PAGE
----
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An increasing number of experiments require the use of ultrasensitive nanomechanical resonators. Relevant examples are the investigation of quantum effects in mechanical systems [1] or the detection of exceedingly small forces as in Magnetic Resonance Force Microscopy (MRFM) [2]. The force sensitivity of a mechanical resonator is typically limited by thermal fluctuations, which calls for detection methods capable of operating at ultralow temperature. Commonly used interferometric techniques, despite their excellent sensitivity, may not be an optimal choice at millikelvin temperatures, because of unwanted resonator heating caused by photon absorption. Although alternative detection techniques based on microwave cavities [3] [4] [5] have shown to perform better at ultralow temperature, these techniques still suffer from the fact that t...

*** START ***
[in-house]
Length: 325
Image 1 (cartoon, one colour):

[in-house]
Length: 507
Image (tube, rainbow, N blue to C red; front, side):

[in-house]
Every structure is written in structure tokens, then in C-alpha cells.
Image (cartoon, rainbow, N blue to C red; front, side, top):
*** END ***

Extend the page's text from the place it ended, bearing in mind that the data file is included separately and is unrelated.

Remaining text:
Comment: 21 pages, PDF. See also http://vortex.tn.tudelft.nl/mensen/leok/papers/
We review experiments on single electron transport through single quantum dots in the presence of a microwave signal. In the case of a small dot with well-resolved discrete energy states, the applied high-frequency signal allows for inelastic tunnel events that involve the exchange of photons with the microwave field. These photon assisted tunneling (PAT) processes give rise to sideband resonances in addition to the main resonance. Photon absorption can also lead to tunneling via excited states instead of tunneling via the ground state of the quantum dot.
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